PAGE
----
Category Archives: Risk

Effective risk management with R

Conference The first EARL Conference (Effective Applications of the R Language) was held 2014 September 15-17 in London. Talk My talk was “Effective risk management with R” (annotated slides). Instability hypothesis When I was preparing for the talk, one of my ideas was to show the Google trend for searches for Minsky’s instability hypothesis.  I … Continue reading

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Historical Value at Risk versus historical Expected Shortfall

Comparing the behavior of the two on the S&P 500. Previously There have been a few posts about Value at Risk (VaR) and Expected Shortfall (ES) including an introduction to Value at Risk and Expected Shortfall. Data and model The underlying data are daily returns for the S&P 500 from 1950 to the present. The VaR and … Continue reading

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Review of “Governance Reimagined” by David Koenig

The subtitle is “Organizational Design, Risk, and Value Creation”. Executive summary This should be a business book bestseller — it simply and clearly explains the process of value creation.  Its great disadvantage for bestsellerdom is that it doesn’t pretend there are magic bullets that create value. No one’s perfect. The gist I’ve met David a … Continue reading

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Changeability of Value at Risk estimators

How does Value at Risk change through time for the same portfolio? Previously There has been a number of posts on Value at Risk, including a basic introduction to Value at Risk and Expected Shortfall. The components garch model was also described. Issue The historical method for Value at Risk is by far the most commonly … Continue reading

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The scaling of Expected Shortfall

Getting Expected Shortfall given the standard deviation or Value at Risk. Previously There have been a few posts about Value at Risk and Expected Shortfall. Properties of the stable distribution were discussed. Scaling One way of thinking of Expected Shortfall is that it is just some number times the standard deviation, or some other number … Continue reading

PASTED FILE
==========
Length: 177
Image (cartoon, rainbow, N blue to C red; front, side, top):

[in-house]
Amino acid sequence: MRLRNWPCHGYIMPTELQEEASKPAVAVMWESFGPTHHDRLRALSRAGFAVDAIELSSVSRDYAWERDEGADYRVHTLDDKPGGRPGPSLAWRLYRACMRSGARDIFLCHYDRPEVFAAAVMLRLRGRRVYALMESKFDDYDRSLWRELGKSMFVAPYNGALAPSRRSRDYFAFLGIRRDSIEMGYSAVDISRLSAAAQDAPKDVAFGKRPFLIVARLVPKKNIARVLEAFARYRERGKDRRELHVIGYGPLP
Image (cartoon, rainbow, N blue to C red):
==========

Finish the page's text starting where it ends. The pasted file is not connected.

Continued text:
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Value at Risk with exponential smoothing

More accurate than historical, simpler than garch. Previously We’ve discussed exponential smoothing in “Exponential decay models”. The same portfolios were submitted to the same sort of analysis in “A look at historical Value at Risk”. Issue Markets experience volatility clustering.  As the previous post makes clear, historical VaR suffers dramatically from this.  An alternative is … Continue reading

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An infelicity with Value at Risk

More risk does not necessarily mean bigger Value at Risk. Previously “The incoherence of risk coherence” suggested that the failure of Value at Risk (VaR) to be coherent is of little practical importance. Here we look at an attribute that is not a part of the definition of coherence yet is a desirable quality. Thought … Continue reading

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The incoherence of risk coherence

What coherent risk measures are, why some people think coherence is important, and why I don’t. The rules A risk measure is considered to be coherent if it satisfies some mathematical properties.  They are formulated in various ways — here is one set: (monotonicity) If the value of portfolio X is always bigger than the … Continue reading

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A look at historical Value at Risk

Historical Value at Risk (VaR) is very popular because it is easy and intuitive: use the empirical distribution of some specific number of past returns for the portfolio. Previously “The estimation of Value at Risk and Expected Shortfall” included an R function to estimate historical VaR. Generating portfolios A useful tool to explore risk models … Continue reading

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The estimation of Value at Risk and Expected Shortfall

An introduction to estimating Value at Risk and Expected Shortfall, and some hints for doing it with R. Previously “The basics of Value at Risk and Expected Shortfall” provides an introduction to the subject. Starting ingredients Value at Risk (VaR) and Expected Shortfall (ES) are always about a portfolio. There are two basic ingredients that … Continue reading

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